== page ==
Image: Norway Communications Agency – Russian jamming can be very precise impacting just one satnav system, leaving others alone.
Blog editor’s note: These problems in northern Norway are not new. Since 2017, five major reported GPS/GNSS jamming incidents reported in northern Norway. Whenever the Norwegian government has tracked down the source, it has been their Russian neighbors. Some have speculated that these are just the careless side effects of Russian military exercises. Others think they are part of a larger Russian geopolitical strategy focused on Norway and/or NATO. Regardless, they do serve to remind us all of how quickly and easily these essential services can be taken away.
We haven’t started keeping score, but at this rate, Norway has a real chance of replacing South Korea as the nation most impacted by a neighbor’s deliberate jamming.
Both police and rescue services in Northern Norway are deeply worried as GPS signals are interrupted. Public safety and life could in worst case be in danger, warns the police.
«We depend on good GPS signals to quickly locate areas with people missing in extreme weather like we have today,» says Deputy Chief of Police Trond Eirik Nilsen with Finnmark Police District to the Barents Observer.
On Thursday, a strong wind with snow moves in over the Barents Sea causing troubles from Svalbard in the north to Troms and Finnmark on the mainland. The storm hits the northernmost part of Norway simultaneously as yet another jamming of GSP signalshas been discovered in the border areas to Russia’s Kola Peninsula.
«Civil Aviation Authority of Norway can confirm the issuing of a NOTAM (Notice to Airmen) due to GPS-disruptions west of Kirkenes,» says the agency’s head of communication, Frank Gøran Nordheim, to the Barents Observer.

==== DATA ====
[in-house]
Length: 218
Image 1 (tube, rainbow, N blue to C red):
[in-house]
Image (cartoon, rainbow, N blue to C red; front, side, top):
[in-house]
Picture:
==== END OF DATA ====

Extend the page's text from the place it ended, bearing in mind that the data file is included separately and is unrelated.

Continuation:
Nordheim underlines the agency has no concerns in regards to air traffic safety, pointing to other ground base navigation systems all aircraft can use when GPS is not available.
«In accordance with our procedures, all airlines are notified about the GSP-disturbances,» Nordheim says.
GPS-jamming, however, could have way more implications than air traffic navigation.
Ellen Katrine Hætta, Chief of Police in Finnmark, says her emergency response units often depends on GPS signals when responding to an alarm.
«Police cars and other units use GPS navigation. Last winter, we managed to save the life of a missing person in snow storm because he triggered his GPS-emergency transmitter. Without the GPS, we would not be able to find him in the heavy snow-drift,» Hætta tells.
«This is the fifth time since autumn 2017 that GPS-signals are interrupted in this area.»
The police was notified by the aviation authorities around noon on Wednesday and sent units out to check the situation for its own systems.
Emergency preparedness problem
«We have so far not registered any lack of GPS signals on ground, but this is a real challenge for the emergency preparedness. We don’t know when signals are in place or are gone,» the Chief of Police explains.
«Some people carry portable security alarms for personal safety reasons. Also those alarms tell the exact location of the person, important for quick reaction for the police,» Ellen Katrine Hætta says.
She explains the importance of GPS in all search and rescue mission.